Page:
Nick Tatapoulos could have been Nick Raymond (after Raymond Burr...), for instance. If the makers of the film so desperately required an in-joke about "funny names," they could have even named Tatapoulos "Steve Martin," since that was the moniker of Burr's character in the Americanized version of the original 1954 film. 

This way, you could have had people cracking up over a nuclear scientist named after that "wild and crazy" comedian and star of The Jerk. Again, not really necessary in a Godzilla movie, if you ask me...but better than the masturbatory references to Patrick Tatapoulos.

Regardless, Next stop Tahiti. Then off to Panama. Then to Jamaica. Then to the Eastern Seaboard of the United States. We find ourselves following -- again and again, with great anticipation -- Godzilla's progress from French Polynesia to Manhattan. These tightly-edited sequences are brief, sharp, and portentous, fully engaging our imagination as we see "evidence" of Godzilla's handiwork and presence (footprints, claw-marks, etc.), but don't actually get a view of the monster.  These scenes are economical, and effective, actually.

By the thirty-minute point, however, the movie has landed in Manhattan permanently, and the pace suddenly slows to a crawl following all the international action. After about fifteen minutes in NYC, the sense of anticipation, pace and excitement drains away and a feeling of malaise sets in. 


Instead of focusing on the mystery or origin of Godzilla, for instance, the film lingers on 1990s workplace sexual politics as an aspiring reporter, Audrey Timmonds (Maria Pitillo) attempts to advance her career, but must deal with the sexism of anchorman boss, Charles Caiman (Harry Shearer). Her friends, including receptionist Lucy (Arabella Field) and Lucy's camera man husband, "Animal" (Hank Azaria) tell Audrey she is just too nice to make it in New York.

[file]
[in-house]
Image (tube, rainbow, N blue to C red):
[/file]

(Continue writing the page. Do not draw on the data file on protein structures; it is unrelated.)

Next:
The arrival of Godzilla in the Big Apple, however, provides Audrey just the ladder-climbing opportunity she has long sought, since she once dated Nick and so has an "in" to interview him again. She does so, and illicitly steals Nick's top secret cassette-tape of a Godzilla survivor...which she promptly airs on television. 


Afterwards, because of Audrey's behavior, Nick loses his job hunting Godzilla, and must team with a French group of secret agents (led by Jean Reno).

Concerning Audrey -- As Mick La Salle put it, writing for The San Francisco Chronicle -- "in the '90s, the apocalypse is just another career opportunity..."


Now, I'm not a firm believer that movie characters need be of high moral fiber or do "good things" to be worthwhile or interesting to watch, but Audrey is just...an awful, petty human being. She betrays Nick's trust, and she transmits secret information that could jeopardize soldiers in the field and citizens too. I mean, the world is falling apart around her (the Chrysler Building is destroyed! American citizens have died by the dozen!), yet she's just jockeying for a superior position at work. Audrey has no sense of loyalty to anybody outside herself; not even the man she ostensibly "loves."